Teaching Graduate Students with a Learning-Styles Approach: Adding Zest to the Course Ingredients
Rushed and harried after a busy day, I answered the phone on its second ring. It was a call from the university. "Are you available to teach Education 7232? It starts on Tuesday of next week."
I was excited. This was the area in which I was most interested--a graduate course on learning styles! But I had so many things to do this semester, and I was preparing to leave for Bermuda as a Teaching Assistant for another course on learning styles.
"May I call you back on Monday? I have to see if I can adjust my schedule," I asked. And so, I had a few days to ponder what and how I would teach a course on learning styles while using a learning-styles approach.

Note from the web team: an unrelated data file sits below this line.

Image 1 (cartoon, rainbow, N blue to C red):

|•||lack of research-based instruction that evidences increased student achievement and improved attitudes toward schooling across the board;|
|•||use of new instructional approaches for which advocates claim remarkable gains-- without research documentation;|
|•||failure among educators to insist on published experimental studies to demonstrate the accuracy of the elaborate media claims of either traditional or innovative programs' successes;|